I learned about Waldorf education when I was in college and studying teaching methods and history. It fascinated me immediately and, for a brief moment in time, I toyed with the idea of becoming a certified Waldorf teacher. That didn’t work out for a variety of reasons, and in retrospect I’m happy for that. Although my experience with Waldorf education remains limited, I found that I didn’t fully agree with some of what I read or saw. Be that as it may, I find integrating creativity and whimsy into educating children a valuable pursuit, challenging as it can be at times. I also agree with the emphasis placed on nature – something that comes out in nature tables or play altars. They are excellent ways for children to engage in the changing seasons and their budding spirituality while also having fun on their terms.
I am working on ways to integrate this into raising Bee in a Druidic home. One thing many nature tables have in common is the inclusion of gnomes. What are these little creatures and why are they part of Waldorf culture? (You can read about that here and here.) Some critics worry as Waldorf educators apparently blame the gnomes for problems which could potentially derail a child’s ability to take responsibility for him or herself. Others feel that they introduces too much pseudoscience – something that, to me, is not bothersome at all since I have been able to believe in Nature Spirits while also understanding, respecting, and learning “hard science.” Taking responsibility is also emphasized in Druidism through our Nine Virtues. Integrity is part of one’s honor after all! If nobody knows why something happened, though, I often say things have been “fairied away.” There’s a time and a place for that… In my opinion, it’s completely possible to balance each perspective. I can see the gnomes as a way to introduce Bee to the unseen aspects of Nature Awareness – that ineffable feeling you get when you are being watched in the woods, for example, could be explained on the forest spirit which, to a child, may be conceived of as a fairy or gnome. As a child grows, these can be fleshed out into a more “mature” understanding of animism – even if the child decides he or she does not embrace that worldview*.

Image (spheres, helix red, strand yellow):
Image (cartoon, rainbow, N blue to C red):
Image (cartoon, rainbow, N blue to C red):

I started to make some gnomes for my little one and she already enjoys them immensely! The first was a little red gnome to commemorate the Winter Solstice. I refer to it as a nisser to give respect to my husband’s Norwegian heritage. I put the nisser in Bee’s Winter Solstice treasure basket and she repeatedly wanted him more than anything else. This gave me the idea to make more which, like many Waldorf gnomes, correspond to the seasons and various High Days. So our second gnome was born for Imbolc! She is holding a green candle to celebrate Brighid’s light and warmth.
Rest assured, I will share future gnomes as they appear in my home!
* Remember, I am writing about raising my own child and not others. Even though I am a spiritual, Earth-centered person, I understand the concerns of the critics who have enrolled their children in Waldrof schools thinking they are very secular only to realize that they do teach spiritual concepts (which may vary depending on the individual schools). Also, I hesitated to say I have a more “mature” understanding of animism. I don’t mean to say that there is a right and wrong way to believe, but I know for a fact that I wasn’t able to think about animism abstractly or philosophically like I am as an adult. I am in no way trying to say that certain cultures have a less mature animism than modern Druidism, for example.